Today though the overcast conditions came with a very light drizzle, probably more of a low mist. There was hardly any wind, everything being completely still. The bird feeders have now been down for over a month, and I decided to put them back out, yesterday evening, this morning they were quickly found by the Goldfinches.
There was also a Nuthatch about, although the Robin seemed to feel the feeders were only for him, and it proceeded to chase off anything that came close to them.
We set off for a walk with Louise and Boycie, and as we came around Lymington Rise she mentioned that there might be a cat having taken a bird in one of the gardens. We walked on to see if we could get a better look, and I just caught sight of movement by the fence. It definitely wasn't a cat, and as the four of us approached it turned and I could see it was a Sparrowhawk, and was mantling a Woodpigeon. We were now too close, and it wasn't going to stay around and it immediately flew off with the pigeon before I realised what was going on.
This is the second time I have caught a female Sparrowhawk with a catch, hopefully it will be third time lucky.
We walked on and turned up Brislands, past Gradwell and towards Old Down. The trees are now in full colour, they have changed a lot earlier this year. Along the verge the Rosebay Willowherb has gone to seed with the smoke grey seeds contrasting with the golden leaves.
The woods were silent but for the melancholic song of the Robin. The Beech trees are a lovely golden yellow, and it was a pity there wasn't the warm autumn sunshine to enhance their colour.
I left the Helen, Louise and Boycie to carry on, and took the perimeter path, hopefully to find some fungi, but it would seem this year that they are very much in short supply. It has been very dry, and the fungi need moist conditions to allow the spores to germinate, we just haven't had these conditions yet.
Looking out from the wood the train on the Watercress Line whistled as it came out of the cover of the trees.
The field has been drilled and there were several flocks of Rooks and Jackdaws searching the ground, and also a few groups of Common Gulls, both adults and first year birds.
I walked to look out over the Desmond Paddocks, a Buzzard was sitting on one of the posts, but was chased off by a couple of Jackdaws. I headed back into the wood, but turned back as I remembered that the beech tree by the footpath was a good site for Porcelain fungi. Sure enough on one of the boughs there were a couple of cups forming, and some smaller heads emerging from the bark.
Walking up the path, more Beech trees showed some beautiful colour.
There were plenty of calls around these trees, and I stopped to listen and wait to see what was about. Two Wrens skulked through the bracken, a Robin sang above me, and in the trees there were Great Tits, Coal Tits and a single Blue Tit.
I could also hear Long-tailed Tits, and a few Goldcrests, but they stayed high in the canopy. Eventually the flock moved away, heading into the darker parts of the wood. I walked on to the Crossroads, where I turned towards Swellinghill. The trees change here, the dominant species now being Sweet Chestnut, the long leaves showing a mixture of green and yellow.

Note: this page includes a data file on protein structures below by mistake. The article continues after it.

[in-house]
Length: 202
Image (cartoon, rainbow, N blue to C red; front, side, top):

A little further on and there are Oak trees. These are normally the last trees to lose their leaves, and they don't necessarily have a vibrant colour.
I stopped to check the Larch and Pine trees in the hope of maybe a Redpoll, there were Coal Tits and several Goldcrests, but the only finches present were a small flock of Goldfinches.
I came out of the wood and walked to the pond. The water was covered in fallen leaves, and in the far corner there was the usual October group of Mallard. I counted 15, nothing like highest count of previous years but a consistent build up.
On the lawn on the other side of the road there was a small clump of field mushrooms growing amongst the dew covered grass.
A little further along the lane yet another tree in splendid autumn colour, this time a Cherry, the leaves a gorgeous pinkish orange.
I decided to walk back into Old Down across the field, and as I climbed over the style I could see three Roe Deer in the field. As I got closer they became aware of me, and turned to head into the wood, as they moved away from me I could see the white patches on their rears.
As I walked along Gradwell I could hear the calls of Redwing above me, the "seeep" calls distinctive in the still overcast conditions. I saw several move over me, but as I turned into Brislands I could see thrushes in a dead tree alongside the lane. At first there were two Song Thrushes, but soon they were joined by at least four Redwing.
They didn't stick around and soon flew off, leaving me to walk back home hoping that maybe the Sparrowhawk would be there once again, but of course it wasn't.
Autumn is well and truly with us, the colours are lovely, all we need now is just some sunshine and blue skies, tomorrow maybe?